Trading the FTSE

Trading the FTSE
Written by Andy

The ‘Footsie’ or FTSE 100 index started in 1984, and was based on the hundred largest companies listed on the London Stock Exchange (LSE). The initials FTSE come from the Financial Times and the London Stock Exchange, the London part being dropped as unpronounceable. Often the FTSE is seen as an indicator of the strength of the British economy, and is arguably the most important index in Europe. The FTSE 100 companies represent about 80 % of the UK share market.

But with that as general background, how should you approach trading the FTSE? Things are not really what they seem once you start delving. Even since 1984, the majority of the companies that formed the index have dropped out. The index is reshuffled every quarter, with the aim that the hundred companies are fairly representative of the greatest market capitalization. They don’t immediately move the company out if it falls to 101, but if it fell to, say, 111 then it’s likely it would go.

As for it representing the British economy, research in 2006 found that 60% of the revenues of the FTSE 100 companies came from outside the UK. This perhaps isn’t so surprising, when you realize that the largest of the large caps are represented in the index, and large companies usually have a lot of international trade. In fact, most of the top 10 companies in the index don’t even report their profits in sterling, but in US dollars. So it’s not surprising to see that the FTSE 100 is highly susceptible to the world economy, rather than just that of Great Britain.

At best, the FTSE 100 is a global index with a British weighting, and therefore you have to expect it to react to world events in an appropriate manner. As an example, changes in commodity prices affect the FTSE 100 much more than any other general financial index in the world. Because of the way it is made up, the FTSE 100 has a heavy bias towards oil and mining stocks. Between them, they constitute about 30% of the index, purely because these are the gargantuan companies.

In all, there are five oil companies in the FTSE 100, and their share prices, and consequently the FTSE 100, are much more affected by happenings in the Middle East than in Britain. Surprisingly, 11 of the 100 companies in the index are concerned with mining, and with little mining now happening in the UK, their prices are affected more by the events in China. To be successful trading the FTSE you need to be aware of the constituent companies and their international involvements. They are by no means a cross-section of industry, but merely the result of taking the largest capitalized firms to make up the index.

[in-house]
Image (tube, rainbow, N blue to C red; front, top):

If you have a blue chips shares investment portfolio you might also consider using the FTSE 100 as a hedge in turbulent times. For instance, if the FTSE is trading at 6,700, a short CFD position might profit the trader £1 per one point move in the index (in this scenario one FTSE CFD = £6,700 worth of exposure). An investor who holds a number of FTSE 100 equities with an aggregate valuation of £13,400 would require two CFD shorts for a full hedge. Of course, this assumes that the investor’s portfolio mirrors the FTSE 100 index which is rare. If you try to hedge a portfolio that is quite different from the index, this might leave you with losses on both your shares portfolio AND your index hedge; case in point being if the index rises while your shares decline in value.

The FTSE 100 can be successfully traded, but you have to do your homework and look up the factors that will have a significant impact on it. Don’t assume that they are what you thought they were.

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